The G35x is powered by a 3.5-liter V-6 engine that is a blood relative of the one in the Nissan 350Z. It produces 260 hp in 2004 trim, and the rating has been increased to 280 hp for 2005. It features 24 valves, variable valve timing (intake only), double overhead cams, and electronic throttle control. It is somewhat intrusive-one logbook entry described its sounds as “agricultural”-but it delivers terrific performance throughout the range. Our observed fuel economy was most often in the 20-to-22-mpg range, which we found quite acceptable in a car with such athletic performance.
Like the 350Z, the G35 is built on Nissan‘s FM platform-FM standing for “front midship,” meaning that the engine is positioned toward the rear behind the front wheels for better overall weight distribution. This also may have helped with the car’s exterior proportions, which are quite handsome. The G35 is ten inches longer overall than the BMW 3-series and is applauded for its roominess. It is also taller, which provides excellent headroom, even for drivers wearing hats. Despite these dimensional advantages, the G35 looks neither large nor heavy.
The base price of the G35x was $31,900, which included a four-year/60,000-mile unlimited warranty and a 70,000-mile powertrain warranty. Infiniti also promised twenty-four-hour roadside assistance and a complimentary loaner car. All G35s come with heated outside mirrors and seventeen-inch wheels.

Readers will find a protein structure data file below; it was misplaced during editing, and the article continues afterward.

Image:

Extras included XM Satellite Radio at $400, a trunk mat compatible with our choice of a full-sized spare tire at $60, Infiniti navigation system at $2000, and a $3200 Premium package, which included a 200-watt Bose audio system, a power glass sunroof, Homelink Universal Transceiver, automatic on/off headlamps, dual-zone temperature control, auto-dimming inside rearview mirror, reclining rear seatbacks, driver’s seat memory/exit assist, and one-touch up/down windows. The total price was $37,560, which is a little on the high side of the entry-level sport-/luxury-sedan category, but then the G35x itself is right at the top of that category, just to put things in perspective.
Automobile Magazine readers who have purchased the G35x have proved to be as enthusiastic as automotive journalists. Robert W. Stringer, of Tiverton, Rhode Island, a man who has owned and loved five Audis, writes: “All in all, the G35x is the best car I have ever owned. It provides that unique combination of great performance, practicality, and an excellent price. I considered an 3.0 and a BMW 330xi, but the performance, interior size, and price just kept me coming back to the Infiniti.”
Trevor Geddis of Bradford, Ontario, writes that he liked the Infiniti’s “handling on dry and snowy roads, performance, braking, comfort, looks, eight-way adjustable seat . . . and the instrument cluster that moves with the steering column.”
Infiniti’s fifteen-year history is marked by uncertain product planning and what appears to be a curious self-consciousness about being in the luxury segment in the first place. The original Infiniti Q45 was one of the best sport/luxury sedans we ever drove-an absolute home run. But the company never seemed to understand either the market or its own superior product. In addition to the Q45, Infiniti had a marvelous sport sedan in the J30, which was a kind of spiritual predictor of the remarkable G35.
The G35x is another breakthrough product. It has taken on the best in the world in the entry-level sport-/luxury-sedan category and emerged with flying colors. It is practical, reliable, strong as an anvil, and a veritable artesian well of driving pleasure.